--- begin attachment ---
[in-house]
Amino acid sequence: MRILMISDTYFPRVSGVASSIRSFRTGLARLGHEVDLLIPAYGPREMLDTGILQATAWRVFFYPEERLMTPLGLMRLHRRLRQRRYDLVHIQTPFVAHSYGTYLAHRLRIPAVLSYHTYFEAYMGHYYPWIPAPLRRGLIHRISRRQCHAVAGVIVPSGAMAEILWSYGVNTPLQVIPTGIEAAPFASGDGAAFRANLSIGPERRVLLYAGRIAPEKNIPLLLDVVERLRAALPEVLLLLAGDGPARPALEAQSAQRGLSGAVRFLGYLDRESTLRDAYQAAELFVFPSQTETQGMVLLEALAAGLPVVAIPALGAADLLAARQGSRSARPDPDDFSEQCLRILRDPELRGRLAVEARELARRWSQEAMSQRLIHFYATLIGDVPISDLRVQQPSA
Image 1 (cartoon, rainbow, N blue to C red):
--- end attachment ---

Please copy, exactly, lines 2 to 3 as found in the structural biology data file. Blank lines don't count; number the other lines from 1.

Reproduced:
Amino acid sequence: MRILMISDTYFPRVSGVASSIRSFRTGLARLGHEVDLLIPAYGPREMLDTGILQATAWRVFFYPEERLMTPLGLMRLHRRLRQRRYDLVHIQTPFVAHSYGTYLAHRLRIPAVLSYHTYFEAYMGHYYPWIPAPLRRGLIHRISRRQCHAVAGVIVPSGAMAEILWSYGVNTPLQVIPTGIEAAPFASGDGAAFRANLSIGPERRVLLYAGRIAPEKNIPLLLDVVERLRAALPEVLLLLAGDGPARPALEAQSAQRGLSGAVRFLGYLDRESTLRDAYQAAELFVFPSQTETQGMVLLEALAAGLPVVAIPALGAADLLAARQGSRSARPDPDDFSEQCLRILRDPELRGRLAVEARELARRWSQEAMSQRLIHFYATLIGDVPISDLRVQQPSA
Image 1 (cartoon, rainbow, N blue to C red):